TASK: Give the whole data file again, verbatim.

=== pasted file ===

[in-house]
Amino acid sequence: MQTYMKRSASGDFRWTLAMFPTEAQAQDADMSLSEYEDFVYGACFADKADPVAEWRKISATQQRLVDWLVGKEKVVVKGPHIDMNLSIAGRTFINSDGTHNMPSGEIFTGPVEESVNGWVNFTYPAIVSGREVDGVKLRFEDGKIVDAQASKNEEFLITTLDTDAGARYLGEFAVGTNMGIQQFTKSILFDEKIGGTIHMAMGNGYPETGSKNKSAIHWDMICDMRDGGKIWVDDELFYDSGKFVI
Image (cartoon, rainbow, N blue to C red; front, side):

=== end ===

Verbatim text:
[in-house]
Amino acid sequence: MQTYMKRSASGDFRWTLAMFPTEAQAQDADMSLSEYEDFVYGACFADKADPVAEWRKISATQQRLVDWLVGKEKVVVKGPHIDMNLSIAGRTFINSDGTHNMPSGEIFTGPVEESVNGWVNFTYPAIVSGREVDGVKLRFEDGKIVDAQASKNEEFLITTLDTDAGARYLGEFAVGTNMGIQQFTKSILFDEKIGGTIHMAMGNGYPETGSKNKSAIHWDMICDMRDGGKIWVDDELFYDSGKFVI
Image (cartoon, rainbow, N blue to C red; front, side):